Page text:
Rule Number Two: Must not live with parents.
Rule Number Three: Must have a job.
Rule Number Four: Must not be a friend's ex.
These dating rules shouldn't be hard for Lucy Benoit to followafter all, she made them. But she didn't plan on falling for Andy Sullivan, a scruffy-yet-attractive man who lives with his mother and is between jobs. These should be deal-breakers, but in other ways Andy is just her type. And there's something intriguing about him
Andy isn't the geeky gamer he claims to benot by a long shot. But what seemed like a harmless social experiment has put his chances of a relationship with Lucy at risk. Even if she can get past the silly rules she has set for herself, will she ever forgive him for breaking Rule Number One?
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Lucy Benoit shoved the door to the laundry room open with her back, her fingers slipping from the handles of the overloaded basket. Dropping everything onto the closest washer with a groan of relief, she flexed and extended her aching hands.
"Hello there. Need some help?"
She spun in surprise. A bearded guy rose from the cracked vinyl couch and scooped up a pair of socks and two black lacy thongs.
An extremely cute, helpful, bearded guy.
"Wow. Not awkward at all. Thank you, kind stranger."
Straight white teeth gleamed in a smile as he dropped the lacy bits into her hand. Aiming for nonchalance after he had handled her delicates, she jammed the thongs into the mound of clothes.
Her breath wheezed in her lungs and she coughed. Partly from bringing in the laundry, but mostly from the surprising blue of his eyes. It would be a shame to cloud those nice eyes with pepper spray. But no matter how nice his smile, a girl can't be too careful living in downtown Milwaukee.
He cleared his throat and sat on the nearest washer. "I'm apartment 26B. Andy."
"Andy. 26B." Lucy shoved fistfuls of laundry into the machine. "What happened to Susan? Is she okay? Did she move out?"
"No, no, she's fine. I'm just crashing with her for a while." He leaned back on the dryers, watching her avidly.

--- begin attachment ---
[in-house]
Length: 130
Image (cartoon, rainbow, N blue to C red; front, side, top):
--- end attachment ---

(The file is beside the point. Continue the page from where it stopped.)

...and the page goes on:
Crashing with Susan? That was odd, this guy was at least twenty years her junior. Well, hey; who was she to judge? Still, Susan didn't strike her as the cougarish sort. Go Susan, get your freak on...
"I'm her son."
Her son, that makes sense. No pepper spray required. Probably. Stealing another look at him as she loaded a washer, she upgraded cute blond guy to darn near yummy. Light hair, twinkling blue eyes, sweatpants and a worn Portland University T-shirt that fit just right on his broad shoulders.
And socks with his sport sandals. Uh-oh. Rule number seven: bad fashion sense. Wrong, wrong, wrong. But not enough to knock him off the potential dating list.
"I'm Lucy. 30C. Good to meet you." She extended her hand to shake his. He held contact a moment too long, his palm warm and firm. Not limp or clammy or, worst of all, that smooth overly moisturized feeling some pretty boys had. But he wasn't so much pretty. Too rugged, too manly.
She turned sharply back to her laundry. "Susan never mentioned you." She blew at a hair teasing her forehead, trying to cool down. Susan was one of those nosy neighbors who kept tabs on everyone else's life. Nonetheless, she was also a sweetheart who always dropped off plates of cookies around the holidays.
"She never mentioned you either, but I wouldn't expect my mom to bring up her hot neighbor with beautiful brown eyes."
"Whoa, what?" She swiped nervously at the hair now tickling her nose, taken aback by the blatant interest in his eyes. Normally by two o'clock on a Tuesday the laundry room was a flirt free area.
"Sorry, sometimes I speak without thinking." He released a blinding smile, the type that charms black lace panties off unsuspecting gals.
That type of brilliant grin didn't occur on anyone who drank coffee. Not to mention the three gazillion cups of coffee she chugged to stay up late cramming for community college exams. Lucy kept her lips together in a tight smile. His charisma was a bit overpowering in the dingy laundry room. He was obviously the kind of guy who got away with outrageous statements like that. Hell, it probably worked for him in all sorts of fun ways.